Lisa Hutchison to retire from practice at the end of the year

Lisa Hutchinson, a physiotheracist who worked at a suburban Philadelphia nursing home, will retire from her practice in the fall.

The retired assistant said her decision came down to her retirement at age 50.

Hutchison will be the last member of the staff of the Mount Carmel-Cedar Ridge Community Health Center to be fired.

The facility has long been criticized for treating its residents with poor care.

The center has long faced lawsuits and other complaints, including allegations of sexual harassment and assault, and in 2016, the Centers for Medicare and Medicaid Services said it would no longer cover the nursing home’s medical services.

The nursing home was sued in 2017 by a former resident, who alleged he had been subjected to physical and sexual abuse at the facility.

The lawsuit alleged Hutchison sexually harassed him while he was a patient.

Hutchinson said she was “disappointed” by the state’s decision to fire her.

“I have been very fortunate that I am able to serve our community and our residents,” Hutchison said in a statement.

“However, in the last year, the state has been at the forefront of a campaign of intimidation, harassment, retaliation and abuse.

I am disappointed by the decision to terminate my employment at this facility.”

Hutchison is the third Mount Carmels-area resident to resign.

Earlier this month, three former employees quit in protest at the state, saying they were subjected to racial and sexual harassment by staff members.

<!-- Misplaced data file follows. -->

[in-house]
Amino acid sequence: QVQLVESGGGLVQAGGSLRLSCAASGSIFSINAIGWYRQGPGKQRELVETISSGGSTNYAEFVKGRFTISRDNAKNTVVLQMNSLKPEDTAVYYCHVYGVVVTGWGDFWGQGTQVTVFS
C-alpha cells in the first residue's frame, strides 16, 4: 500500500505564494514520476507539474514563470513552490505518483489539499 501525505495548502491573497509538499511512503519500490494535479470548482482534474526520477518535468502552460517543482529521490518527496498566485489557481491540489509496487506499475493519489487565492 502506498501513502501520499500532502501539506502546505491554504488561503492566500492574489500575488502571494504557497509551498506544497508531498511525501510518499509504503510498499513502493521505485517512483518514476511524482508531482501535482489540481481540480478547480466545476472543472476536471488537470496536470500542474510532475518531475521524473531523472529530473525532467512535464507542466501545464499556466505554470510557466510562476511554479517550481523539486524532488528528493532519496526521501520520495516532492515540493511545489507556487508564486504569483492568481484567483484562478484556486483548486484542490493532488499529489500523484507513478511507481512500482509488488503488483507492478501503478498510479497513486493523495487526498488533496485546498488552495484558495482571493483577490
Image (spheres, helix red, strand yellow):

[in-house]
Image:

The three former residents quit the Mount Camels nursing home in July.

Hutchisons’ firing comes at a time when Mount Carmles-Cary, New Jersey, has become a focal point of the Trump administration’s immigration crackdown.

Trump and other members of his administration have said they are seeking to keep immigrants out of the United States and restrict legal immigration.

Hutchins retirement comes after Mount Carmela-Carmel-Gilead, a New Jersey facility, announced last month it was closing its doors after the U.S. Department of Health and Human Services cut funding.

The decision was made on a recommendation by the Department of Homeland Security, which cited the facility’s “systemic” problems with patient care.

Mount Carmeled-Carnell, in Lake City, South Carolina, has also closed its doors, and is not being inspected by federal officials as a result of the shutdown.